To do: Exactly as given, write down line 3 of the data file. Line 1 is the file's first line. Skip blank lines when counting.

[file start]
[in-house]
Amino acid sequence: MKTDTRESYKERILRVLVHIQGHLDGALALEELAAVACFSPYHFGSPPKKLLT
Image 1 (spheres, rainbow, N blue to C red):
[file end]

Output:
Image 1 (spheres, rainbow, N blue to C red):